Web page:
9 p.m. at Subterranean; $10
Before Wayne Coyne tarnished the cred of his nephew's band with a distasteful reinterpretation of Pink Floyd's opus, "The Dark Side of the Moon," this past year (in a digital-only collaboration with the group), the Dennis Coyne-fronted Stardeath and White Dwarfs were doing a fine job of staying out of the Flaming Lips' shadow thanks to prime psych-rock freak-outs with absurdly creative names like "Springtime in Martha Stewart's Head." Take away the relationship, and you're still left with a solid new Okie crop that bridges a fine gap between psychedelia and punk. Chicago's Milk at Midnight opens.

Mortified Live
8:30 p.m. at Beat Kitchen; $12-$15
Called "a cultural phenomenon" by Newsweek, Mortified finds several writers unearthing artifacts of their teenage angst (diaries, school essays) and sharing them with strangers -- with predictably hilarious results. The Beat Kitchen performance will feature six performers.

Crisis (A Musical Game Show)
8 p.m. at Neo-Futurarium; $15
The Neo-Futurists present another rollicking thought experiencement. This time, cash plays on the table. "Crisis" will turn our financial meltdown into a sort of game-show burlesque, with audience members as contestants and real money at stake. After every show, an audience winner goes home with a significant chunk of the box office, which could make "Crisis" the hottest ticket in town.

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This could be you on Saturday. (photo: Hop Cast)

Dark Lord Day
10 a.m. Saturday at Three Floyds Brewing; free
Even if you didn't snag one of the coveted "golden tickets," which give you the right to purchase bottles of the rare Dark Lord Imperial Stout, it's worth heading down to Munster, Ind., for this all-day party including tons of other awesome beers, live music and more.

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Highlights from Centerstage Chicago's latest Crumb newsletter:

Just Opened: Benny’s Chop House
River North steak house is a cut above the rest.

Off the Beaten Path: Basils Greek Dining
Aurora gets an authentic Greek restaurant in a building that looks like a Greco-Roman temple.

Weekly Treat: Wednesday is vino night at Lincoln Station
Popular Lincoln Park bar takes half off all wines tomorrow night.

Man We're Crazy About: Kitchen Sink Cafe
The old Pause Café finds new life as this comfy Edgewater coffee shop.

For more Chicago bar and restaurant news, sign up for the Crumb newsletter.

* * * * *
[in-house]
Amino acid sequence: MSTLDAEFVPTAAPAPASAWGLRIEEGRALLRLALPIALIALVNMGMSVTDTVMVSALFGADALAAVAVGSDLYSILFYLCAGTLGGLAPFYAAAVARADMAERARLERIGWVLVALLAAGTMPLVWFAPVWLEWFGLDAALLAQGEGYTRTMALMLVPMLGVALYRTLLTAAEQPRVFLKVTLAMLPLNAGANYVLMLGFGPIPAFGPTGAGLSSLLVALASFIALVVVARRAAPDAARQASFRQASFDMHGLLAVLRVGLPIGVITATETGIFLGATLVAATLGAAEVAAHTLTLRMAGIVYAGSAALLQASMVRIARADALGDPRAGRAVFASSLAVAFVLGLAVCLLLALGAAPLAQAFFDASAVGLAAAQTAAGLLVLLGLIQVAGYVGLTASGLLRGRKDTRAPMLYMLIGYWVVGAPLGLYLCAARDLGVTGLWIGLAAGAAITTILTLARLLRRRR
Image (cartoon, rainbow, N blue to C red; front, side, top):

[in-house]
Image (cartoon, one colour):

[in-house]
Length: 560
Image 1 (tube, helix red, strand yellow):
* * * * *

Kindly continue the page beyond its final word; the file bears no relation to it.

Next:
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Get excited, sots...it's pub crawl season!

Now that the weather's warming up, the progressive parties are coming out in full force, beginning with last weekend's second annual Snuggie Pub Crawl. If you're looking for something a little less, um, fuzzy, how 'bout the Zombie Pub Crawl, which returns from the dead on Saturday, April 24?

For $20, you'll enjoy drinks specials at bars throughout Andersonville, including Simon's, Mary's Attic, @mosphere, In Fine Spirits and more from 2:30-8 p.m., all while dressed as an extra from "Thriller." Folks got pretty into it last year, so don't skimp on the makeup.

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Nelson Algren Birthday Party
8 p.m. Saturday at St. Paul Cultural Center; $10
Celebrate what would have been the 101st birthday of the famed Chicago writer, whose gritty works about the city include The Man with the Golden Arm and Chicago: City on the Make. This year's fete is dedicated to the memory of Howard Zinn, who wrote the Algren-esque People's History of the United States. There will be a cash bar and door prizes at the event.

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Few things go together better than drinking and writing – just ask Ernest Hemingway, Charles Bukowski, Jack Kerouac, Raymond Carver, Dorothy Parker and the dozens of other award-winning authors who’ve done their best work while battling massive hangovers.

The tried-and-true pairing has been a hit for Sean Benjamin and Steve Mosqueda as well. The two are the founders of the Drinking & Writing Brewery, which has spawned several plays, a radio show and a popular annual festival at the Hopleaf.